Uncle Ureywwwo has a Pollyannaish idea of the mineral business, according to my father. There is nobody waiting in line. Instead, the sales managers have to make cold calls every day, trying to interest entities in minerals that have been dug out of the ground before customers were found. My father says it is foolish to keep a large stock in certain minerals, but Uncle Ureywwwo does not want anybody to have to wait.

Uncle Ureywwwo is the only entity who is waiting. The receivable from Riskarwa is nearly two years old, according to my father.

Our trip is wonderful. We spend six hours each day with the tutors, and then we can bother the crew. I like to watch the chef, and Whitta likes to help the chambermaids. Barda spends her spare time looking at all the monitors in the captain’s office, and she says we are traveling back in time at a rate of about seven million years each hour!
We don’t notice the time travel inside the craft. Time advances as always here, using the special machines developed for these craft.

My mother told the captain she thinks she is expecting. The captain sounded worried. I was hiding behind the big drapery in the gathering room while they talked.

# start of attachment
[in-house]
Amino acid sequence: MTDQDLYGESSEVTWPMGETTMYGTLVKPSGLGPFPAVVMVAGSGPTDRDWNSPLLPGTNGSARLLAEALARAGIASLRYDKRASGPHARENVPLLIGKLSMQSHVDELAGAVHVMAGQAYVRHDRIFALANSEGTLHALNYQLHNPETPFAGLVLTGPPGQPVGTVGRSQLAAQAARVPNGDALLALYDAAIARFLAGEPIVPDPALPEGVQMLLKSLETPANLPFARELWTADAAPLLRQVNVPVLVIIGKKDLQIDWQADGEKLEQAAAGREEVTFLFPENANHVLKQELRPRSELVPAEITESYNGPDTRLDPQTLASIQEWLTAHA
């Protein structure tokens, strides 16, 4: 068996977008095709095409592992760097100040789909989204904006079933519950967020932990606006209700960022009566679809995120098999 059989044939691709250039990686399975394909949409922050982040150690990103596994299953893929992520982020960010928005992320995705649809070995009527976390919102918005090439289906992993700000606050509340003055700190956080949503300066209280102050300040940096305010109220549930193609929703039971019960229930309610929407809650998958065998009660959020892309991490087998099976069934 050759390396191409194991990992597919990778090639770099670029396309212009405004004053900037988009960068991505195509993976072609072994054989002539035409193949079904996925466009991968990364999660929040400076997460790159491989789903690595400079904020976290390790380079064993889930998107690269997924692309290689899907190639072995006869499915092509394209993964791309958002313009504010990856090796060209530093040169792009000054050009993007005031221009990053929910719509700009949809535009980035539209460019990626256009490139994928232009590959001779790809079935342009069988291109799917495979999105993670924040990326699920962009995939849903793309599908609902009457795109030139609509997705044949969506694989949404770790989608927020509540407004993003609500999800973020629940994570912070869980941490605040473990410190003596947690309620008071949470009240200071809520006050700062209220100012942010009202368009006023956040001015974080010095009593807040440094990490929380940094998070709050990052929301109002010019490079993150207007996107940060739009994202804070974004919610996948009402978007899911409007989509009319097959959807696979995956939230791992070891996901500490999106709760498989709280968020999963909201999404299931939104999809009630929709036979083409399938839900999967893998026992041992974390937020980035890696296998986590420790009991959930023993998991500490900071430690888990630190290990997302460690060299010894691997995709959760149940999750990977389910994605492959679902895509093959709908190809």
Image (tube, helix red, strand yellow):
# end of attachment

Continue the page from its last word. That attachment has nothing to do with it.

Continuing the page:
March 15, 2205
The hearing on the restraining order occurred today. I turned on the recorder of my translation cube, and I will have the entire experience to relive forever.

My grandmother says most trials are made like motion pictures, with a director and a judge in charge of the proceedings. The director has a series of cameras at his command, and he calls for the opening statements, the direct questioning of witnesses, the cross-examining of witnesses, the recalls of witnesses, and the closing statements. When all of this business has been put onto some recording medium, an editor cuts and splices the materials and makes a complete show. Then, each party swears the show represents all pertinent information about the matter to be adjudicated. Finally, the show is presented to a jury for a decision.

The great thing about this method is that all objections are handled on the cutting-room floor. If the judge rules a matter cannot come into the trial, that matter is never shown to the jury. The only things the jury can’t see are the expressions on the faces of the parties as testimony is given. Juries are sequestered only for a few days since the resultant show is usually drastically shorter than the time it took to gather the testimony.

However, a hearing on a restraining order, such as ours, is usually heard in a courtroom with no jury. Our judge, the Honorable Patricia Walrover, scheduled a room that could hold about ten people, the number my grandfather estimated would be interested.

How wrong he was! The media was out in force to see the grandparents of the visiting princesses take on the elderly uncle. Over two hundred press passes were requested for the trial, and the court officer granted all of them, changing the courtroom to the largest one in Albany County.
“Mr. Baden Ontrombe,” Judge Walrover began, “I want this matter to be presented in fifteen minutes. All this hoopla is beside the point. This is a very simple affair. You have both agreed to a bench trial.”